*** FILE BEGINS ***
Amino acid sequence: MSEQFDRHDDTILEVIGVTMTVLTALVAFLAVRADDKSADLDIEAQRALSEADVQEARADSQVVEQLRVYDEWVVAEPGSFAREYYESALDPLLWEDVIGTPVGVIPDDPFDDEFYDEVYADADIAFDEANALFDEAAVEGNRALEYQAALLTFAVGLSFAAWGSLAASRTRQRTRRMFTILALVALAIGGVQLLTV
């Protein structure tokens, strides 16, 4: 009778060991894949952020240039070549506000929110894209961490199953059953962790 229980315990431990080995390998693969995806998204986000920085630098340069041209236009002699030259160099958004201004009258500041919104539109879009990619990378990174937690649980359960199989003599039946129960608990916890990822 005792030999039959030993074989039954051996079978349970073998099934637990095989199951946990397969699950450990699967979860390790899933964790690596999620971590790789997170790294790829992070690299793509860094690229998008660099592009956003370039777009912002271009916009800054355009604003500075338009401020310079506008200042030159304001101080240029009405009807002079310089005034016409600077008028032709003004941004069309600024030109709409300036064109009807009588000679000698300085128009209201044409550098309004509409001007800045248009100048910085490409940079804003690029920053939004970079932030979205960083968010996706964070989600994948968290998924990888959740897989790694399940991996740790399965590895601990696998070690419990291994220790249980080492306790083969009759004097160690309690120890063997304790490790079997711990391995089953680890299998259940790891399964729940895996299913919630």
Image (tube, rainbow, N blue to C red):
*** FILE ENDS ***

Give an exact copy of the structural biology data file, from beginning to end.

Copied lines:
Amino acid sequence: MSEQFDRHDDTILEVIGVTMTVLTALVAFLAVRADDKSADLDIEAQRALSEADVQEARADSQVVEQLRVYDEWVVAEPGSFAREYYESALDPLLWEDVIGTPVGVIPDDPFDDEFYDEVYADADIAFDEANALFDEAAVEGNRALEYQAALLTFAVGLSFAAWGSLAASRTRQRTRRMFTILALVALAIGGVQLLTV
């Protein structure tokens, strides 16, 4: 009778060991894949952020240039070549506000929110894209961490199953059953962790 229980315990431990080995390998693969995806998204986000920085630098340069041209236009002699030259160099958004201004009258500041919104539109879009990619990378990174937690649980359960199989003599039946129960608990916890990822 005792030999039959030993074989039954051996079978349970073998099934637990095989199951946990397969699950450990699967979860390790899933964790690596999620971590790789997170790294790829992070690299793509860094690229998008660099592009956003370039777009912002271009916009800054355009604003500075338009401020310079506008200042030159304001101080240029009405009807002079310089005034016409600077008028032709003004941004069309600024030109709409300036064109009807009588000679000698300085128009209201044409550098309004509409001007800045248009100048910085490409940079804003690029920053939004970079932030979205960083968010996706964070989600994948968290998924990888959740897989790694399940991996740790399965590895601990696998070690419990291994220790249980080492306790083969009759004097160690309690120890063997304790490790079997711990391995089953680890299998259940790891399964729940895996299913919630």
Image (tube, rainbow, N blue to C red):